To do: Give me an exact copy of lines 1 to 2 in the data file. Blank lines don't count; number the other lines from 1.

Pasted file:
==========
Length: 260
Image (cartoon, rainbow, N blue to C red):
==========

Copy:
Length: 260
Image (cartoon, rainbow, N blue to C red):